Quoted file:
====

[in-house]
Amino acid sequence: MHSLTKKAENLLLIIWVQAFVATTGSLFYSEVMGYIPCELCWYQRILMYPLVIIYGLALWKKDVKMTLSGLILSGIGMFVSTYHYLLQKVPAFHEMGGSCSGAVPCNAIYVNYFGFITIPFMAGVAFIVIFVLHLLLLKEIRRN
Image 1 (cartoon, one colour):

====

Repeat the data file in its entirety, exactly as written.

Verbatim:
[in-house]
Amino acid sequence: MHSLTKKAENLLLIIWVQAFVATTGSLFYSEVMGYIPCELCWYQRILMYPLVIIYGLALWKKDVKMTLSGLILSGIGMFVSTYHYLLQKVPAFHEMGGSCSGAVPCNAIYVNYFGFITIPFMAGVAFIVIFVLHLLLLKEIRRN
Image 1 (cartoon, one colour):